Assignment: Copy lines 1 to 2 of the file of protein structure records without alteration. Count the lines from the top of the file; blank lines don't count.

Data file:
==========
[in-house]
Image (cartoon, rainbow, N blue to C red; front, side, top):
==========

[in-house]
Image (cartoon, rainbow, N blue to C red; front, side, top):